Homemade Wooden Pet Caskets

Creating a homemade casket for a pet is part of the grieving process.
... John Moore/Getty Images News/Getty Images

Building a casket for a pet is something that pet parents do not want to think about while their pets are alive. Death is an uncomfortable subject when these eventualities concern favorite animals that have been companions for many years. However, there are simple steps that you can prepare before a pet dies that will honor the pet's life and help you grieve.

1 Deciding on a Casket

Deciding on where and how to bury a pet depends on beliefs, finances and spaces available for pet burials. Some people believe that using a wooden pet casket is not environmentally friendly and they opt for "green funerals" where they bury pets in biodegradable caskets or in blankets of natural fabric such as cotton or wool. Know the laws regarding pet burial before you bury your companion. There are often pet cemeteries but check with the specific cemetery you choose for its rules concerning caskets and burial. City regulations might forbid you using a homemade casket.

2 Pet Size

The first step of creating a wooden casket is knowing the size of the animal. Keep your yearly veterinarian records because these will often have the size of your animal. You may have to take a tape measure and measure your deceased pet if the death is sudden and you do not have accurate measurements. This part of the grieving process might be difficult and this is a task that you may want someone else to do for you.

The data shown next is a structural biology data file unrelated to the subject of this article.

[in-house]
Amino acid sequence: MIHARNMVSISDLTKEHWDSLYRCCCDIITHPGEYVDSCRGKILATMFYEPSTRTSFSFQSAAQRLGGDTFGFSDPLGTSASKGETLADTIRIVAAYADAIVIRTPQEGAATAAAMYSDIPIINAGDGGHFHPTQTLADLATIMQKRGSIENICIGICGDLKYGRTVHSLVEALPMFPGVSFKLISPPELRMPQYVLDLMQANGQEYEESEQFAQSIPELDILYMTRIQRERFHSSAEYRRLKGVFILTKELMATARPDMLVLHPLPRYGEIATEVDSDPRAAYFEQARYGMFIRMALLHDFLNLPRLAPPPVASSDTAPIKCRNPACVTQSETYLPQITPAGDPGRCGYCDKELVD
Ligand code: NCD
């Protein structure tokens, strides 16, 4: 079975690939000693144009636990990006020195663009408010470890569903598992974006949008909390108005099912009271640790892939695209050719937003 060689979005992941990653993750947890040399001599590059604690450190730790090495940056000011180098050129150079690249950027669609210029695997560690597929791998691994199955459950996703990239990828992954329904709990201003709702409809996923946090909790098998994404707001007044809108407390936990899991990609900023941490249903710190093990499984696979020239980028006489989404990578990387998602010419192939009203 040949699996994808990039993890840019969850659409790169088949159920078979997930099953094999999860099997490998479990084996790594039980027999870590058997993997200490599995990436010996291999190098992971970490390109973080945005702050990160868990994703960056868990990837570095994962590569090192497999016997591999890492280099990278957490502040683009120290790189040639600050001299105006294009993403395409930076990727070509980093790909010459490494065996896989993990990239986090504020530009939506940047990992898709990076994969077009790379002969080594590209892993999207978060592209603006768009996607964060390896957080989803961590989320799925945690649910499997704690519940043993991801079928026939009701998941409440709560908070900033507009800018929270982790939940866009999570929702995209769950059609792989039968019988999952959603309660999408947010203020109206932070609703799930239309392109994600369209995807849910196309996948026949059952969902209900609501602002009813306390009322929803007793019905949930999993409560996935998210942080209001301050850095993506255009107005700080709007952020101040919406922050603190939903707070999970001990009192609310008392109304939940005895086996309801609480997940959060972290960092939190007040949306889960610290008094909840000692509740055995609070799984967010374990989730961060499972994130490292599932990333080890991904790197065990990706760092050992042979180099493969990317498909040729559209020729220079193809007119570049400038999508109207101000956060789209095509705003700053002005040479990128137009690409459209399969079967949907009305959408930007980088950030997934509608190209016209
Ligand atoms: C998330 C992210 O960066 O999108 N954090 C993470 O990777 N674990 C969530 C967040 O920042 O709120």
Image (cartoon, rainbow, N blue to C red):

3 Materials

Creating the casket is straightforward. Buy enough plain two-by-four plywood according to the size of your pet. Using expensive woods for the casket does not give you greater emotional value in the healing process. Being with your pet for the last moments of her life and doing this final caretaking is more important in your healing from grief than high burial costs. Hammer or glue the plywood into a box shape, either square or rectangular, that will fit your pet. You may want to line the casket with a blanket or other material before you lay your pet in the casket. The pet's former bed if it is a cat or a favorite blanket for a dog are appropriate ways to line caskets and show care for your pet.

4 Reminders

Parting with reminders of a pet may be difficult for some people but there are others who want to memorialize their pet by putting the pet's treasured objects into the casket. Some ideas for a cat may be food dishes, a favorite stuffed toy or other items the cat enjoyed during her lifetime. A chew toy or ball are fitting memorials to bury with a beloved dog companion.

5 Burial

Bury the pet in accordance with local laws, at least three feet deep so that scavenging animals will not try to take the body and not near flowing water. It is acceptable to leave flowers or other memorials to the pet on the grave and say a few words of remembrance.

Anne Cagle has been writing ever since she was a toddler who could scribble with crayons. Her first published article, at age 12, was in a teachers' newsletter. She was published in "Optical Prism" magazine and has worked as a reviewer for the Webby Awards. She holds a degree in English from the University of Oregon.